Mets shortstop Amed Rosario lasted just two innings during Saturday’s Grapefruit League contest against the Marlins. He made a hasty exit after feeling pain in his left knee, which he told reporters was triggered after sprinting to home plate in the second inning. There’s no word yet on how long he’ll be sidelined, but he could undergo an MRI on Sunday if the pain hasn’t subsided by then.
This is a crucial period for the 22-year-old shortstop, who still has a lot to prove following his underwhelming debut with the club last August. The former top prospect struggled with consistency, both at the plate and on the field, and his strikeout-prone approach fed into a .248/.271/.394 batting line with four home runs and seven stolen bases in 170 plate appearances with the Mets last year. While he’s already locked down another starting role for 2018, it remains to be seen whether he can make the necessary adjustments to be productive in the majors.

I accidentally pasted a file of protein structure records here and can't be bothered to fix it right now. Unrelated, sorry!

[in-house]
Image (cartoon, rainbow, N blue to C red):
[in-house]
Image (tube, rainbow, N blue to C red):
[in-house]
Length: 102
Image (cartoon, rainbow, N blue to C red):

Rosario wasn’t the only Mets player with a health scare on Saturday — Noah Syndergaard took a Justin Bour comebacker off of his thigh in the first inning, though it was later revealed that the ball deflected off of his glove and made no impact or injury.
The Boston Red Sox plan to activate Dustin Pedroia from the disabled list today. That’s a big deal. The move they’re making to make room for him on the roster is a big one too: they plan to designate Hanley Ramirez for assignment.
The Boston Globe’s Alex Speier first reported the impending transaction. He was told by a major league source that Ramirez was informed this morning he’ll be moved off the roster. A designation for assignment, of course, means that the Sox have seven days to either trade or release Ramirez.
Ramirez, 34, is experiencing his worst season as a major leaguer thus far, hitting .254/.313/.395 (88 OPS+) in 195 plate appearances as he split time between first base and designated hitter. Given how well Mitch Moreland has hit at first and J.D. Martinez has hit at DH, there is simply no room for Ramirez in the lineup.
Ramirez, a 14-year big league veteran, won the 2006 Rookie of the Year Award and won the NL batting title in 2009. He has been a below average hitter in three of his last four seasons, however, and long removed from his days as a middle infielder, he has little defensive value these days. That said, his fame and the possibility that he could put together a decent run if used wisely will likely get him some looks from other clubs.